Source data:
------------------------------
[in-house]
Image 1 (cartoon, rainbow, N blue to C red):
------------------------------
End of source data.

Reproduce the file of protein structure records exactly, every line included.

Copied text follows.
[in-house]
Image 1 (cartoon, rainbow, N blue to C red):